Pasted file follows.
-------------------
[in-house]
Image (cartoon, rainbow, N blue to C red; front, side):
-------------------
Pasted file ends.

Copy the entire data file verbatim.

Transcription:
[in-house]
Image (cartoon, rainbow, N blue to C red; front, side):